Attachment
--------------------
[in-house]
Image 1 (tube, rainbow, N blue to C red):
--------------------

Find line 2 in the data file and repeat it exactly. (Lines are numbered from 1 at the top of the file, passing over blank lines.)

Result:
Image 1 (tube, rainbow, N blue to C red):